Students learn to 'Be Your Own Boss'
High school students from five school districts attended
OKOBOJI -- The Iowa Lakes Corridor held its fifth annual Be Your Own Boss seminar for high school students at Arrowwood Resort in Okoboji on Wednesday. Nearly 75 students from five schools attended and learned about entrepreneurship from young entrepreneurs. Schools attending included Spirit Lake, Clay Central Everly, Spencer, Harris-Lake Park, and Storm Lake.
"The Iowa Lakes Corridor Development Corporation has a goal to become recognized as the most attractive region in Iowa for new ventures and entrepreneurs," said Holly Pearson, Economic Development coordinator at the Corridor. "Therefore, the Corridor is focusing on youth entrepreneurship, as a grassroots level, to develop the next generation of successful entrepreneurs and leaders in our region. The Be Your Own Boss seminar is one of our youth entrepreneur programs geared to expose the students to entrepreneurship as a viable career option and to entrepreneurial thinking."
During the seminar, four break-out sessions were held. The students were broken up into smaller groups and attended each of the sessions. The sessions were led by young entrepreneurs and those who assist entrepreneurs. The speakers were Nick Cash, founder of Book Hatchery; Therese Kuster, Greg Jass and Doug Drees, co-founders of TargetClick Marketing; Grant Stanley, founder of Contemporary Analysis; and Anissa Jepsen, county youth coordinator for Iowa State University Extension Clay County.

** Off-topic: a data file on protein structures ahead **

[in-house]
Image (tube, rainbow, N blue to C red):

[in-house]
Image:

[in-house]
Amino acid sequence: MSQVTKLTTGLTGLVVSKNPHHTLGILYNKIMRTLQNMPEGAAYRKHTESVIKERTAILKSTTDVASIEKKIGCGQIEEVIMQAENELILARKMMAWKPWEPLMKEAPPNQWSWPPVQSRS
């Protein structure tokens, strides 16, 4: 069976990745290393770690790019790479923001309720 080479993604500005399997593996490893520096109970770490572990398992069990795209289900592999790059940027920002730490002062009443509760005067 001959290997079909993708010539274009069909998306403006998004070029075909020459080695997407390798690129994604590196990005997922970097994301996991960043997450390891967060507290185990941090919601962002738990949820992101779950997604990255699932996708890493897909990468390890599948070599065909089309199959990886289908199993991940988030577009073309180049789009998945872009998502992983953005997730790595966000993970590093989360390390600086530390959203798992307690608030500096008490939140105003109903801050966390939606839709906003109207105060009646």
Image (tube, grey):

Jenifer Babe, a sophomore at Spencer High School, said, "I really enjoyed Grant Stanley and Anissa Jepsen. They got me thinking more about opportunities. I enjoyed this experience a lot."
Keynote speakers were John Slump and Jared Garfield. While still students at the University of Iowa, Slump and Garfield formed Corvida Medical. Slump's sister was being treated for cancer, and he learned that the healthcare workers helping her were being exposed to chemicals like chemo, causing cancers, organ failures, reproductive toxicity, and genetic mutations. Determined to make cancer care safer for workers and patients, the two began writing a business plan to launch a company that would design, manufacture, market, and sell disposable medical devices enabling the safe handling of hazardous drugs.
Five of the speakers, Cash, Kuester, Jass, Slump, and Garfield, are graduates of the Okoboji Entrepreneurial Institute. OEI is a week-long study of advanced entrepreneurship. Thirty-two students from University of Iowa, Iowa State University, University of Northern Iowa, Buena Vista University, and Iowa Lakes Community College are selected to participate.
For more information about the Iowa Lakes Corridor's youth entrepreneurship programs, contact Holly Pearson at firstname.lastname@example.org and 264-3474.